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As part of their “Main Street at the Mic” series, Main Street Theater’s “Things That Go Bump in the Night” show gave home-bound theatre lovers a night of chilling performances to liven up the Halloween weekend. Between classics like “The Raven” and “The Cask of Amontillado” along with a few modern pieces, the ghostly readings were just the thing to put everyone in a spooky mood.

Chilling atmosphere

With the backdrop of shadows held back by yellowed lightbulbs, Main Street’s actors hosted ghostly readings that chilled audiences to the core. With featured readings from works by Edgar Allan Poe, Edward Gorey and a few original tales of the macabre, Main Street delivered a sequence of chilling performances worthy of the Halloween weekend. 

Nevermore exciting

For actress Callina Anderson, performing “The Raven” was a thrilling experience. 

“I was super excited to be asked to do this part,” Anderson said. “The imagery is so visceral. I identify with the speaker so much. We meet them in their grief and mourning, and as the narrative goes on you see confusion, anger, despair, longing, desperation. It’s such a human piece, with a bit of creepy.”

While for actress Mai Le, the show was a fun moment for silly dramatics.

“My performance is a reading from “The Gashlycrumb Tinies”, which is a very morbid ABC book about 26 children who die, and it’s so macabre that it’s silly,” Le said.

Well, silly or thrilling, both pieces were acts to remember. Anderson’s emotive rendition was an inspiring piece worthy of turning even the most skeptical listener to poetry, while Le’s storytelling rhythm left a newly haunting ring to the alphabet.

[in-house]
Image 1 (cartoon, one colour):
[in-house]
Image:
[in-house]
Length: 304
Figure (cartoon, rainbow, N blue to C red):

The audience will forever be as haunted as Poe by the word “nevermore”, and while I can’t speak for everyone, I can honestly say that I will never hear the ABC song the same way again. Thanks, Le. 

Lights, camera, not the same kind of action

“Things That Go Bump in the Night” was performed over YouTube to make the show accessible to audiences. While the actors lamented that the experience wasn’t the same, Le was just glad that Main Street could still do what they do best: perform.

“I’m glad Main Street is still finding ways to tell stories, especially right now when we’re all so isolated from each other – after all, stories are what brings us together! And I’m glad that Main Street is still creating jobs for local actors. ”

The actors lamented over the loss of the usual energy but agreed that virtual performances were the best way to go. Le said that it’s the little moments they miss most. Usually, at shows, the actors and the performers get to hang out in a green room or dressing room and catch up, encourage and support each other before the performance.

“There’s a really palpable energy that buzzes around backstage, and we didn’t really get to experience that this time around,” Le said. “It sounds silly because we’re all just sitting in the dark for two hours – but in that time, we laugh together; we gasp together; our heartbeats are in rhythm together. So nothing can really replace the wonder and the thrill of having performers and an audience in a room together. So that’s the hurdle virtual performances have to overcome.” 

But, in the end, they all agreed that the show must go on.  

“It’s good that these performances are easily accessible,” Le said. “It’s nice we can watch in the safety and comfort of our homes, and the design of the show is really cool. It sets the mood for Halloween – dark, moody.” 

Photo courtesy of Main Street Theater

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